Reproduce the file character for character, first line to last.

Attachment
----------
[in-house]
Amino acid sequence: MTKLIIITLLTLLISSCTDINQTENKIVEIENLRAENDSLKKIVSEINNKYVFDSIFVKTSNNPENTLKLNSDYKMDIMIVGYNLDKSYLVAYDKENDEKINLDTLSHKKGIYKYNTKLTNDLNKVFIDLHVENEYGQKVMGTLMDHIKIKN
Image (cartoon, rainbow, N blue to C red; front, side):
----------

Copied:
[in-house]
Amino acid sequence: MTKLIIITLLTLLISSCTDINQTENKIVEIENLRAENDSLKKIVSEINNKYVFDSIFVKTSNNPENTLKLNSDYKMDIMIVGYNLDKSYLVAYDKENDEKINLDTLSHKKGIYKYNTKLTNDLNKVFIDLHVENEYGQKVMGTLMDHIKIKN
Image (cartoon, rainbow, N blue to C red; front, side):